A second example is more familiar in recent Canadian experience. Suppose the current rate of inflation is low, but that economic developments expected to occur in the near future will create an undesirable increase in future inflation. In such a situation, a central bank that recognizes the importance of the long lags in the transmission mechanism will increase its policy interest rate now even though current data suggest that there is no inflation problem. This example illustrates why vigilant central bankers are often accused of fighting demons that are not present. The problem is that if central bankers delay their policy response until inflation actually appears in the data, it would be too late to have the desired impact. Being forward-looking means anticipating where the demons will surface and acting in a pre-emptive manner. Although a central bank that is successful in anticipating future inflationary pressures, and also in taking the appropriate actions to prevent their full realization, can easily be accused of seeing dangers that are not genuine, the truth may be that the dangers were avoided only because of the central bank's vigilance.

Although many central bankers may do a good job of predicting future events, no central bank has a crystal ball—the future is only clearly visible once you are there. Indeed, it is actually worse than this in economics. Because of imperfect information that is often revised, even several months after the fact, economists have a difficult time knowing with precision what is happening in the current quarter until they are two or more quarters down the road. This mention of imperfect information leads us to discuss the informational requirements for monetary policy. In a nutshell, the successful conduct of monetary policy requires good information, and plenty of it.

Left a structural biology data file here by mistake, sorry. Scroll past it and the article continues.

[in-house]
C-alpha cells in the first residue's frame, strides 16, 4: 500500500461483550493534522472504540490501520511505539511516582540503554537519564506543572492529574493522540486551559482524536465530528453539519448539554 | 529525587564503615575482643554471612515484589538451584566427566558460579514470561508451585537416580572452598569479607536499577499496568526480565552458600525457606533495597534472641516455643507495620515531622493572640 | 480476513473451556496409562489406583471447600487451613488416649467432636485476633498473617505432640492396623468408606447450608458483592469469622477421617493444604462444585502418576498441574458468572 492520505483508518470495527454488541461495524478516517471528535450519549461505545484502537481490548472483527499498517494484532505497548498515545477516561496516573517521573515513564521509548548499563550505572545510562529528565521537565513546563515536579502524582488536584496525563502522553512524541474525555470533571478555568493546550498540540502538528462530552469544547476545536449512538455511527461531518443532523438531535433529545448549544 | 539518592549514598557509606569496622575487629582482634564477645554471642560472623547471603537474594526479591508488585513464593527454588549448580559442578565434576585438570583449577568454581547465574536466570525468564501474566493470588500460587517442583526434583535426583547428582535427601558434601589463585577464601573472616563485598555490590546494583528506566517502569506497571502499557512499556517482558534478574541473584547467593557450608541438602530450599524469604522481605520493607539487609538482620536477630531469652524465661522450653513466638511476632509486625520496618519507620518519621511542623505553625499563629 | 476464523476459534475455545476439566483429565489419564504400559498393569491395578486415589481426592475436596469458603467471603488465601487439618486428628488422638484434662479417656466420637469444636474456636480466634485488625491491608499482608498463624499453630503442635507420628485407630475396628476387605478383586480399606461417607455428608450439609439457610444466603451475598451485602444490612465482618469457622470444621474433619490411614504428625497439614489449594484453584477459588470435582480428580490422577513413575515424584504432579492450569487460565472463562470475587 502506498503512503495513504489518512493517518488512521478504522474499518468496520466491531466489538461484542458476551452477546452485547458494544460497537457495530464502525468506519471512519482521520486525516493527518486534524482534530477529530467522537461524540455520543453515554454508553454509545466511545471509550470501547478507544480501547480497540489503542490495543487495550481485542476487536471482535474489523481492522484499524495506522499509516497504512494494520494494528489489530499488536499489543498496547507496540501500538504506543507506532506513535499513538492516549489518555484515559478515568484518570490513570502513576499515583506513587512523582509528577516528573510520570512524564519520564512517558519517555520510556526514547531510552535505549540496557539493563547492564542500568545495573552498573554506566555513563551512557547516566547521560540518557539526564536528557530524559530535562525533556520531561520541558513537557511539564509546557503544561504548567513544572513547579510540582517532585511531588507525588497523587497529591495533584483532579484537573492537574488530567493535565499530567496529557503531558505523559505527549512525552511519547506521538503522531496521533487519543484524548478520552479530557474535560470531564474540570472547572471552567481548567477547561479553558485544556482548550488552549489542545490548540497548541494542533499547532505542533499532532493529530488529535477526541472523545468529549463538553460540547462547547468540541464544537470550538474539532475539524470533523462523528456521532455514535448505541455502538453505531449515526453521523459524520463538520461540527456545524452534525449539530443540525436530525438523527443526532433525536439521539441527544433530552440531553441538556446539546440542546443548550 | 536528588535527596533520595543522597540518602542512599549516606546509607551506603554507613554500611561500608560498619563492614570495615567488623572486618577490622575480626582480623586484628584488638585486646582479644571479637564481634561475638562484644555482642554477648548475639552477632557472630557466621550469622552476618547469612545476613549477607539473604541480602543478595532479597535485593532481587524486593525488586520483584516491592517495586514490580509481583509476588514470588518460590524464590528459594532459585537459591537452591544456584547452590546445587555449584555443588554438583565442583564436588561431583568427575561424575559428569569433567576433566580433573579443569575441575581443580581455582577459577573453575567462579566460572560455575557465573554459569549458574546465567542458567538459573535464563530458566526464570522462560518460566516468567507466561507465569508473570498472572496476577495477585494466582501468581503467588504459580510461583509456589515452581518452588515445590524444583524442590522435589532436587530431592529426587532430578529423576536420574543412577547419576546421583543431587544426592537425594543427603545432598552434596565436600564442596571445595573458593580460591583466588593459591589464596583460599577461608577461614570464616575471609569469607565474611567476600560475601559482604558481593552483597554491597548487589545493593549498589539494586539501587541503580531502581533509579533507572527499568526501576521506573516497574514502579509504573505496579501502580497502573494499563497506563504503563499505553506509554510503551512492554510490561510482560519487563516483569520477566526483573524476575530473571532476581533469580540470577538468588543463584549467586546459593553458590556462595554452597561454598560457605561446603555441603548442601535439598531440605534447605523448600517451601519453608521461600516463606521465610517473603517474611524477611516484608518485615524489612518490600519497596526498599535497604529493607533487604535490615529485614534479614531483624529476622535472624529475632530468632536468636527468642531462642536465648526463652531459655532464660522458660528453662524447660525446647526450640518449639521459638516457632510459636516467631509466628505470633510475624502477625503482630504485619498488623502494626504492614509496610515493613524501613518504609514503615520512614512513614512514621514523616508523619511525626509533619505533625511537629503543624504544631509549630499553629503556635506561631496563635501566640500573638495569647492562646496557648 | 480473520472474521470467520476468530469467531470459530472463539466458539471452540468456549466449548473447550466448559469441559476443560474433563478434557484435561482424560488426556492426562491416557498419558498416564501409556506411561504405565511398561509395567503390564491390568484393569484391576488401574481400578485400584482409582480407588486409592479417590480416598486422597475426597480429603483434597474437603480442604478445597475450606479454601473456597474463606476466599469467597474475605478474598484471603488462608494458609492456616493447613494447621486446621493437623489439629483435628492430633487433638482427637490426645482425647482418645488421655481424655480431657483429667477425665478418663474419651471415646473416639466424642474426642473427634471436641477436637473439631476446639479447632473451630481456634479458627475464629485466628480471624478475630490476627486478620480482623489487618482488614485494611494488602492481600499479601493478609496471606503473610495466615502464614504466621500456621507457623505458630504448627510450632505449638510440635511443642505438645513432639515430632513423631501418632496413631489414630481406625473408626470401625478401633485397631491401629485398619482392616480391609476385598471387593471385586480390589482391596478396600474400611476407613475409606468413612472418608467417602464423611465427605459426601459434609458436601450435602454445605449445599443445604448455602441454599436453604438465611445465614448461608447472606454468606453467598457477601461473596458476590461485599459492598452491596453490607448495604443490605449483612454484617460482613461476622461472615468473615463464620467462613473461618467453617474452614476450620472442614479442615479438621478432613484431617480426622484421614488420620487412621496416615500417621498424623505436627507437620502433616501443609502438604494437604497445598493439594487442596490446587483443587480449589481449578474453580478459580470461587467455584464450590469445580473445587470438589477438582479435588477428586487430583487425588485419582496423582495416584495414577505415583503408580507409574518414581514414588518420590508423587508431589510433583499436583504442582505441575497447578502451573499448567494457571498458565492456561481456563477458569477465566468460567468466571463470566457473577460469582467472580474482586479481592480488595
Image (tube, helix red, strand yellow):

4.3 Monetary policy faces two types of uncertainty

In order to understand the informational requirements for monetary policy, it is helpful to reconsider the nature of the transmission mechanism. Chart 7 shows the transmission mechanism again, but adds two types of uncertainty. The first type involves uncertainty about the details in the transmission mechanism itself; that is, uncertainty about the precise nature of the linkages between key macroeconomic variables. This uncertainty is shown by the pink numbered balloons. The second type is uncertainty about current and future economic developments in the domestic and world economies, as shown by the yellow starbursts.